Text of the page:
Kick off the new season in the great outdoors without spending a fortune.
Whether you want to expand your harvest, add some new and interesting backyard features, attract beneficial wildlife, or simply get organized, these fifteen gardening DIYs will help prepare you for the year ahead.
1. Start Your Seeds
If you haven’t already got your seedlings started, it’s definitely time to get going! If you have missed the boat, make sure to file this idea away for next Spring!
Making DIY seed holders and starting your seeds indoors is cheaper than buying starter plants. It’s also a fun project for kids.
Nurture your seeds the eco-friendly way with some sustainable planting cups fashioned out of newspaper. They make for easy transplanting, and the soy-based ink newspaper (used in 90% of daily papers) becomes biodegradable compost – perfect for cultivating healthy organic plants.
Find out how to make them here.
2. Build a Potting Station
Perhaps one of the most useful things for any avid gardener, a potting bench makes garden tasks like transplanting seedlings or arranging cut flowers so much easier.
By creating a custom made potting station, you can construct it to be comfortable for your standing height, and design it to hold all the pots and tools you could ever need. You’ll also be saving a pretty penny as the store-bought benches don’t come cheap!
Potting stations can be built from scratch – like this one by Ana White, or they can be fashioned from an assortment of reclaimed and thrift store items. Try upcycling an old headboard (see tutorial here); some wooden pallets (tutorial here); an outdated dresser (see here); or a BBQ trolley (watch video here).
While minimizing waste is the top reason for composting, no thriving garden would be complete without the addition of some homemade, organic compost.
This nutrient rich matter helps improve soil structure and composition, wards off diseases and pests and boosts moisture retention, meaning you can save water.
Never composted before? No problem, this complete how-to guide will see you churning out ‘garden gold’ in no time – all while cutting down on the amount of food scraps and other organic matter you send to the landfill.
Why not go the extra mile and make your own compost bin too? This easy to build bin is efficient and environmentally friendly.
4. Organize Your Tools
As most organic gardeners know, a steady stream of healthy and delicious fresh produce requires some hard work.
If you’re not properly prepared, you may find yourself trudging back and forth to the garden shed in search of trowels, or spades, or gloves…not to mention twine and plant labels.
This year, get organized – and stylish at the same time – by making your very own tool bucket.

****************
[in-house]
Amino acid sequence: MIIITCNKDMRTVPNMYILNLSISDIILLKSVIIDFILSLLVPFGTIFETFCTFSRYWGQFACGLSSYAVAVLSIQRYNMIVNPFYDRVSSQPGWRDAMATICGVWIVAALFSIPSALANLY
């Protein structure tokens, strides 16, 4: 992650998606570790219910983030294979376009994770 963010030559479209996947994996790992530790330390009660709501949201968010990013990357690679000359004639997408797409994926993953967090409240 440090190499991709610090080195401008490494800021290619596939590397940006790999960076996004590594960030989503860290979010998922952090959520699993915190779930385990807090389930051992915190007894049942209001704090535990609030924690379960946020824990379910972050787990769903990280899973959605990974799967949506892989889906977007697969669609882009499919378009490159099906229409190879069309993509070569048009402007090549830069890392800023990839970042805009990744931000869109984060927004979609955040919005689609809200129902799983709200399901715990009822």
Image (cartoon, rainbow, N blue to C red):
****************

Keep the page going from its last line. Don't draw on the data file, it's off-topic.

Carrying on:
BeautifullyContained transforms a five-gallon bucket and some fabric into a garden organizer with a pocket for everything you could possibly need when out and about in the backyard! Follow the instructions here.
5. Supply a Bird Bath
Attracting birds to your garden is one of the oldest and most natural forms of pest control. Most of them enjoy munching on a combination of seeds, berries and insects.
From late spring to early summer – when garden pests are at their peak – our feathered friends prioritize catching bugs to feed to their hatchlings.
Of particular interest to baby birds are cabbage worms, aphids, earwigs, grasshoppers, cucumber beetles and grubs.
If that’s not enough to convince you to build a bird bath, consider the hours of enjoyment you’ll get from seeing these winged beauties up close – bathing and chirping all day long.
Birds baths work as birds are attracted to water for drinking and washing – especially during the hot summer months. This pretty mosaic bird bath is surprisingly easy to make – see the tutorial here.
6. Make a Bug Hotel
Birds aren’t the only natural forms of pest control – plenty of beneficial insects can help you keep your garden environment under control and your flowers and fruits free of bite marks.
Bees, wasps, ladybugs, butterflies and several species of moths will all appreciate having a space in your garden. To lure them in, construct a condominium made from a mixture of materials and compartments of differing sizes.
To make a completely cost-free insect hotel using recycled materials, check out Inhabitat’s instructions.
(Plus, here are another 20 ways to attract wildlife to your garden!)
7. Install a Pond
In addition to their tranquil beauty, ponds serve to attract a variety of beneficial wildlife to the garden.
Pest-eating birds will come to drink and bathe, and all sorts of insects will buzz around the place – helping to pollinate your plants for you. If you’re lucky, you’ll also draw in frogs, newts, hedgehogs and more!
While installing a pond might seem like a massive undertaking, it doesn’t have to be.